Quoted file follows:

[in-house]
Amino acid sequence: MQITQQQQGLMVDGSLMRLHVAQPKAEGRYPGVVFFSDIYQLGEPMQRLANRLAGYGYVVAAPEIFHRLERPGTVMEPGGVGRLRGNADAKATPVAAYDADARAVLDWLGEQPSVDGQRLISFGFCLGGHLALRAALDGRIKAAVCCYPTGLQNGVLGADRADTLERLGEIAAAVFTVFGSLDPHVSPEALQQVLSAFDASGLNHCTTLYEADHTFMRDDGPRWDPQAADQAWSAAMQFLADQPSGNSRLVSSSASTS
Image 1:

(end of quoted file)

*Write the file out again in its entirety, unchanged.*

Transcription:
[in-house]
Amino acid sequence: MQITQQQQGLMVDGSLMRLHVAQPKAEGRYPGVVFFSDIYQLGEPMQRLANRLAGYGYVVAAPEIFHRLERPGTVMEPGGVGRLRGNADAKATPVAAYDADARAVLDWLGEQPSVDGQRLISFGFCLGGHLALRAALDGRIKAAVCCYPTGLQNGVLGADRADTLERLGEIAAAVFTVFGSLDPHVSPEALQQVLSAFDASGLNHCTTLYEADHTFMRDDGPRWDPQAADQAWSAAMQFLADQPSGNSRLVSSSASTS
Image 1: